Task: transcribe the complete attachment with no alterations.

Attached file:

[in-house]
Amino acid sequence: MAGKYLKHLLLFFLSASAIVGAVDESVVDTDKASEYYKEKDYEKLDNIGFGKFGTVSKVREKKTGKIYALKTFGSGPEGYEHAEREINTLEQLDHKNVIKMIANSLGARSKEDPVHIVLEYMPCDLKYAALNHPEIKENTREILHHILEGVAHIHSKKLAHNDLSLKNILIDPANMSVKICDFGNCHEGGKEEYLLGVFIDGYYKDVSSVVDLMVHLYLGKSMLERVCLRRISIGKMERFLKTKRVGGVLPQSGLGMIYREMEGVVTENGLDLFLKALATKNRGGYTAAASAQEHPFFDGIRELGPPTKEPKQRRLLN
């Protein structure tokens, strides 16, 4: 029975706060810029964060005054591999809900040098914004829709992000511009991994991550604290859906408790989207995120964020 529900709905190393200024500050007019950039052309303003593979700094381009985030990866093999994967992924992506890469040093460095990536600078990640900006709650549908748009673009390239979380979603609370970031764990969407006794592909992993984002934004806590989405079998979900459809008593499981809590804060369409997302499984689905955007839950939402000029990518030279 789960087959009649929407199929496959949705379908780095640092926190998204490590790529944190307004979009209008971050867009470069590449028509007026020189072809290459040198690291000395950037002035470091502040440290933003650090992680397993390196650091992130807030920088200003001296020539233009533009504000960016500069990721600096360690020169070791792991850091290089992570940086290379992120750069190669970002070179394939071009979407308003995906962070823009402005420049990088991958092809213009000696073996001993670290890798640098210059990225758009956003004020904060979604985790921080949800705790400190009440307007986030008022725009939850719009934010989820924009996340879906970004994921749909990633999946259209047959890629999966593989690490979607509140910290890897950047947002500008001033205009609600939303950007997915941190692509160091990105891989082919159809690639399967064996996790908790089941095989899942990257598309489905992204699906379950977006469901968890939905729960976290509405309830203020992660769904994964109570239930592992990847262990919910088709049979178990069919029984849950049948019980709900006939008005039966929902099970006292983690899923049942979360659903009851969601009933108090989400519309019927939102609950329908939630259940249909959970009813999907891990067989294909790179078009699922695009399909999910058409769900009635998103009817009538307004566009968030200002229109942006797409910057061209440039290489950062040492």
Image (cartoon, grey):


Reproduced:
[in-house]
Amino acid sequence: MAGKYLKHLLLFFLSASAIVGAVDESVVDTDKASEYYKEKDYEKLDNIGFGKFGTVSKVREKKTGKIYALKTFGSGPEGYEHAEREINTLEQLDHKNVIKMIANSLGARSKEDPVHIVLEYMPCDLKYAALNHPEIKENTREILHHILEGVAHIHSKKLAHNDLSLKNILIDPANMSVKICDFGNCHEGGKEEYLLGVFIDGYYKDVSSVVDLMVHLYLGKSMLERVCLRRISIGKMERFLKTKRVGGVLPQSGLGMIYREMEGVVTENGLDLFLKALATKNRGGYTAAASAQEHPFFDGIRELGPPTKEPKQRRLLN
């Protein structure tokens, strides 16, 4: 029975706060810029964060005054591999809900040098914004829709992000511009991994991550604290859906408790989207995120964020 529900709905190393200024500050007019950039052309303003593979700094381009985030990866093999994967992924992506890469040093460095990536600078990640900006709650549908748009673009390239979380979603609370970031764990969407006794592909992993984002934004806590989405079998979900459809008593499981809590804060369409997302499984689905955007839950939402000029990518030279 789960087959009649929407199929496959949705379908780095640092926190998204490590790529944190307004979009209008971050867009470069590449028509007026020189072809290459040198690291000395950037002035470091502040440290933003650090992680397993390196650091992130807030920088200003001296020539233009533009504000960016500069990721600096360690020169070791792991850091290089992570940086290379992120750069190669970002070179394939071009979407308003995906962070823009402005420049990088991958092809213009000696073996001993670290890798640098210059990225758009956003004020904060979604985790921080949800705790400190009440307007986030008022725009939850719009934010989820924009996340879906970004994921749909990633999946259209047959890629999966593989690490979607509140910290890897950047947002500008001033205009609600939303950007997915941190692509160091990105891989082919159809690639399967064996996790908790089941095989899942990257598309489905992204699906379950977006469901968890939905729960976290509405309830203020992660769904994964109570239930592992990847262990919910088709049979178990069919029984849950049948019980709900006939008005039966929902099970006292983690899923049942979360659903009851969601009933108090989400519309019927939102609950329908939630259940249909959970009813999907891990067989294909790179078009699922695009399909999910058409769900009635998103009817009538307004566009968030200002229109942006797409910057061209440039290489950062040492």
Image (cartoon, grey):